When we talk of funding sources, we mostly think of federal grant awards or commercial studies. This award is from Pennsylvania's Patient Safety Authority. Pennsylvania is the only state in the U.S. that requires healthcare facilities to report events that could potentially cause harm to patients, as well as events that have been shown to cause harm.

Over several years, the team will analyze the largest patient safety database in the country. They will be using machine learning algorithms to quickly identify areas where improvements can be applied to shape the future of safe and effective patient care within the state.

You can read the full release on this award here.






This post is part of my series on MHRI's funding success in FY20. You can view all the blogs associated with the series here.


Wednesday, October 9, 2019

Celebrating Our Growth in Research

Over the first quarter of the academic year (July through September 2019), MedStar Health Research Institute has had a record number of new grants and contracts with our investigators obtaining awards worth over $30 million! This is a testament to the great work we are doing and the talented research teams doing them. It is also a tribute to our building reputation as a great place in which to conduct research, from clinical trials to healthcare delivery research assessing quality, safety and patient outcomes. As I review these new awards, I am in awe of the diversity of talent, from research studies in patients with spinal cord injuries to cardiovascular trials to human factors work in diagnostic errors. Many of these awards are for multi-year projects and many of them have potential for additional sub-projects or extensions.

This work wouldn’t be possible without the support of the entire MHRI team. Our investigators, the research teams working with them, the scientific center administrative directors, the office of contracts and grants management, the IRB, finance partners and every team member around the system are integral to our continued growth.

Over the next few weeks, I’ll be sharing some updates on the projects that have been funded so you can learn about some of our new studies and congratulate the research team. Join me in congratulating these investigators and their teams!



Monday, October 7, 2019

There is More to Life Than Being Happy

Below is my monthly message for the October 2019 edition of the MHRI newsletter, Focus. You can view Focus online at MedStarResearch.org/FOCUS.


Dear Friends and Colleagues,

“There is more to life than being happy”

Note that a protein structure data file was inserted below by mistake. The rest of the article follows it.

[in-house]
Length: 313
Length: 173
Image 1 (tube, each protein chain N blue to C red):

That is the title of a
TED talk by Emily Esfahni Smith– it’s a talk I return to often, gaining something new each time which I try to incorporate into my life at home and work. It has continued to have a positive impact on my life and I would like to share it with you today.

Many people believe that the whole purpose of life is pursuing happiness. What’s more, many equate happiness with having the ideal job, perfect boyfriend/girlfriend/spouse, or a beautiful home. The pursuit of happiness becomes a pursuit of these ‘things’. However, the data from multiple studies has shown that chasing happiness in this way ironically makes people unhappy! In fact, it often leads to an emptiness bringing people to ask ‘is this all there is?’

Happiness is defined as a state of comfort and ease which lets you feel good in the moment. The key word in that definition is ‘moment’. The things we equate with happiness do not give long-term fulfillment. Emily Esfahni Smith makes the compelling point that seeking meaning in life is a more fulfilling path. Meaning is defined as belonging to and serving something beyond yourself and developing the best within you. In fact, data (yes – science!!) shows that those seeking meaning are more resilient, do better in school/work and even live longer!

So, how can we live a more meaningful life? She feels there are 4 pillars to having a meaningful life:
  • Belonging: being in relationships in which you are valued for who you are intrinsically and where you value others as well; bonds to family, friends, and colleagues
  • Purpose: less about what you want than what you give; using your strengths to serve others (e.g., raising your children or healing sick people); the ‘why’ that drives you forward
  • Transcendence: lifting yourself above the hustle and bustle of daily life, so your sense of self is connected to something higher. In one experiment (more science!) students were brought into the woods and asked to look up at 200’ tall trees for one minute. After that, tests showed they were less self-centered and gave more generously when given the chance to help someone